• YGENERAL TAGGING OF NEW TECHNOLOGICAL DEVELOPMENTS; GENERAL TAGGING OF CROSS-SECTIONAL TECHNOLOGIES SPANNING OVER SEVERAL SECTIONS OF THE IPC; TECHNICAL SUBJECTS COVERED BY FORMER USPC CROSS-REFERENCE ART COLLECTIONS [XRACs] AND DIGESTS
    • Y10TECHNICAL SUBJECTS COVERED BY FORMER USPC
    • Y10TTECHNICAL SUBJECTS COVERED BY FORMER US CLASSIFICATION
    • Y10T29/00Metal working
    • Y10T29/49Method of mechanical manufacture
    • Y10T29/49002Electrical device making
    • Y10T29/49117Conductor or circuit manufacturing
    • Y10T29/49124On flat or curved insulated base, e.g., printed circuit, etc.

Abstract

An illumination device comprises a circuit board that carries solid-state light sources and a heat transfer structure to which the circuit board is intimately physically coupled such that the circuit board is curved along at least one of a longitudinal dimension or a lateral dimension thereof. Such may allow less fasteners to be used than would otherwise be possible, while maintaining close contact over a large portion of the surface area. Some embodiments may employ a clamp, for example a peripheral clamp such as a cover or bezel clamp.

Description

CROSS REFERENCE TO RELATED APPLICATION

This application claims benefit under 35 U.S.C. 119(e) of U.S. Provisional Patent Application Ser. No. 61/357,421, filed Jun. 22, 2010, which is incorporated herein by reference in its entirety.

BACKGROUND

1. Technical Field

This disclosure generally relates to illumination, and more particularly to apparatus and methods that employ a heat exchanger to cool solid-state light sources.

2. Description of the Related Art

With increasing trend of energy conservation and for various other reasons, solid-state lighting has become more and more popular as the source of illumination in a wide range of applications. As generally known, solid-state lighting refers to a type of lighting that emits light from a solid-state materials, such as a block of semiconductor material. Such contrasts with more traditional forms of lighting, for example incandescent or fluorescent lighting which typically employ a filament in a vacuum tube or an electric discharge in a gas filled tube, respectively. Examples of solid-state light sources include light-emitting diodes (LEDs), organic light-emitting diodes (OLEDs), and polymer light-emitting diodes (PLEDs). Solid-state lighting devices typically require several solid-state light sources to produce a suitable level of illumination.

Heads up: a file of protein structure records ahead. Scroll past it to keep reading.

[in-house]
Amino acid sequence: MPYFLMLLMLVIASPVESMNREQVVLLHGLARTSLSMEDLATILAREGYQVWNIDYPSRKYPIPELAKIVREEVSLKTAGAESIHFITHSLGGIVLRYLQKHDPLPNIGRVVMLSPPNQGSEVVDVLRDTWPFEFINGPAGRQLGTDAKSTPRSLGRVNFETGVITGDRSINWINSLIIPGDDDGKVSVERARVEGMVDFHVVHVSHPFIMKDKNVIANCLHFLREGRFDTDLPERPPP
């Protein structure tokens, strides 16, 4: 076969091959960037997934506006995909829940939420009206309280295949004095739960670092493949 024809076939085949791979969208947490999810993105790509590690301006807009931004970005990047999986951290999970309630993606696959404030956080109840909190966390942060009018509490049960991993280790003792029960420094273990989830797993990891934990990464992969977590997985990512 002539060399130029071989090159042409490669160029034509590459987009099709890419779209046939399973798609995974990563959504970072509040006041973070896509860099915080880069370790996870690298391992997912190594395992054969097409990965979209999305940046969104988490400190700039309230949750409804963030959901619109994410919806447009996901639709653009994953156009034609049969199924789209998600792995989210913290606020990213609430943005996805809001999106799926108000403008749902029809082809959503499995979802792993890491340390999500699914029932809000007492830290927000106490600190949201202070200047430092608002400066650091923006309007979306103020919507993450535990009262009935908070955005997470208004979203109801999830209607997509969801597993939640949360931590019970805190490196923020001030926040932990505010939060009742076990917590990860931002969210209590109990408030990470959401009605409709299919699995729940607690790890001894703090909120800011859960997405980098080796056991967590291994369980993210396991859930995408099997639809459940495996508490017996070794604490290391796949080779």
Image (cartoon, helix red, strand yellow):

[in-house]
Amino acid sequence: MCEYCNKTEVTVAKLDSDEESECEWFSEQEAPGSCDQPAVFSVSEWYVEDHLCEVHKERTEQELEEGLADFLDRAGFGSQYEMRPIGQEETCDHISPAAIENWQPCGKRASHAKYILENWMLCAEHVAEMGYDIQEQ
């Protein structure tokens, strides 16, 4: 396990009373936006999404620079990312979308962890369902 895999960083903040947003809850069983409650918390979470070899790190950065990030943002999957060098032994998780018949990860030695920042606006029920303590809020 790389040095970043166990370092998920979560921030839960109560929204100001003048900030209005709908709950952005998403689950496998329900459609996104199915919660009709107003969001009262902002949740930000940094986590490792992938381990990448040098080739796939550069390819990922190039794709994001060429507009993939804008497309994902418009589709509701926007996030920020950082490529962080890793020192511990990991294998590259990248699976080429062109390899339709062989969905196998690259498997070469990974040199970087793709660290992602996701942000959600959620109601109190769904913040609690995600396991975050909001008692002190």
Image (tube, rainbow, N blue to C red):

Solid-state light sources tend to have increased lifespan compared to traditional lighting. This is because solid-state light sources have a greater resistance to shock, vibration, and wear. Solid-state light sources generate visible light with reduced parasitic energy dissipation (i.e., reduced heat generation) as compared to traditional lighting. Nevertheless, solid-state light sources do generate heat and excess heat needs to be removed to protect the solid-state lighting sources from damage.

Some illumination devices use a heat exchanger (e.g., heat sink) to remove heat from the light sources. Heat exchangers such as heat sinks are typically made of materials with high thermal conductivity, for example metals such as aluminum and copper, and which are also electrically conductive. Less commonly, heats exchangers may be electrically non-conductive, to provide electrical isolation with respect to the various components of the illumination device. Electrically non-conductive heat exchangers are typically made of an electrically non-conductive polymer loaded with electrically non-conductive particles such as boron nitride or other ceramic materials. However, electrically non-conductive heat exchangers tend to have very low thermal conductivity relative to electrically conductive heat exchangers. Electrically non-conductive heat exchangers are also typically more expensive than electrically conductive heat exchangers.

Solid-state light sources are typically soldered or adhesively bonded to a printed circuit board (PCB). The PCB may, for example, take the form of a “metal core” type or an “enhanced FR-4” type PCB. The PCB is then attached to a heat exchanger via with multiple screws or via adhesive. When screws are used, a thermal interface material (e.g., silicone grease, thermal pad, graphite sheet) is typically placed between the PCB and the heat exchanger. The thermal interface material must be compressed with sufficient force to adequately conduct thermal energy away from the solid-state light sources. The screws must be positioned close to the solid-state light sources to assert a high force in order to achieve the high degree of intimate contact required to provide a suitable level of thermal conduction. The large number of solid-state light sources required to achieve a desired level of illumination means that a large number of screws are typically required to fasten the PCB tightly enough to the heat exchanger to obtain the desired level of thermal conduction. For example, one commercially available lamp having 12 Cree XPG LEDs mounted on a metal core PCB employs 35 screw fasteners to couple the metal core PCB to the heat exchanger.